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THE UNDERLYING PROBLEM in England, I believe, is the decline in Christianity. It is a Europe-wide phenomenon. Churchgoing in Britain is dwindling away, both among Catholics and Protestants. Rome has contributed to this decline by appointing weak bishops, believing that this will bolster ecumenism (a substitute for conversion). Church schools are funded by the state. Recently the Catholic bishop of Lancaster stuck his neck out and said these schools weren’t teaching proper Catholic doctrine; sex-ed amounted to “throwing condoms at children” increasing teen pregnancy, and so on. He was soon called to testify before a parliamentary committee whose chairman said:
“It seems to me that faith education works all right as long as people are not that serious about their faith. But as soon as there is a more doctrinaire attitude questions have to be asked.”
He reminded us that “this is taxpayers’ money.”
That is exactly the outlook of the political classes, but normally it is left unspoken. Parliament can tolerate religion, even fund it, as long as people don’t really believe it. The bishop spoke out only because parents pressed him, it appears, and I won’t be surprised to learn that Rome reacts by urging the bishop not to jeopardize funding in future.
The decline of Christianity is something the intelligentsia has long sought, but the rise of Islam may be its most momentous consequence. And that is feared, not relished. Witness the Archbishop of Canterbury’s lame gesture of appeasement, calling for the partial recognition of Sharia law. One faith is moving into the spiritual vacuum left by the other. These, perhaps, are the most important underlying forces at work in Britain today. And rising prosperity is probably the most important cause of Christian decline. People will not think much about the next life when they have so many opportunities to indulge their appetites in this.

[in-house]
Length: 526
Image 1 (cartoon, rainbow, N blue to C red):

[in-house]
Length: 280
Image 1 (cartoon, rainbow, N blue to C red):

One night, on the BBC, there was a touching film called “White Girl,” apparently based on a true story. It showed one of these sad, broken families moving into public housing in a part of Bradford now controlled by Pakistani Muslims. (Bradford is a large northern town, once the center of the wool trade, and now one of the largest Islamic communities in Britain. I went there myself on a brief visit recently.)
The daughter of this chaotic family — the “white girl” — meets the neighbors and goes with them to the mosque. She tells her surprised mother: “When I pray it’s like everything’s not all bad and f***ed up, like somewhere there’s a place that I feel safe.” Muslim propaganda? Maybe. But also believable.
The great unanswered question is whether the welfare state that has so de-moralized family life in Britain will likewise undermine the Muslims. At present they seem to be flourishing. Peter Hitchens accepts that the Muslim rise and Christian decline are but the opposite poles of a single phenomenon. Possibly, the corrosive effects of welfare will undermine the Muslims as well. He described seeing young Muslim men tearing about in souped-up cars on his own visit to Bradford.
Possibly, also, the greater morale that Muslims now seem to enjoy will preserve their families intact. My impression is that their men have not yet been cuckolded by the state — certainly not in the mosque, and perhaps not in the home either. It’s hard to say. I don’t know of any good reporting that has yet been done on these crucial developments in Britain.
A man of faith in a godless age is hitting Americans where it hurts.
Mr. and Mrs. American Spectator Reader, let P.J. O’Rourke talk sense to your kids.
In Britain, defending your property can get you life.
The debacle of this president’s administration is both a cause and a symptom of the decline of American values. Unless Congress impeaches him, that decline will go on unchecked. An eminent jurist surveys the damage and assesses the chances for the recovery of our culture.
It won’t take long for conservatives to scratch this presidential wannabe off their 2008 scorecard.
The American Christmas, like the songs that celebrate it, makes room for everybody under the rainbow. Is that why so many people seem to be hostile to it?
Was the President done in by the economy, or by the politics of the economy?
H/T to National Review Online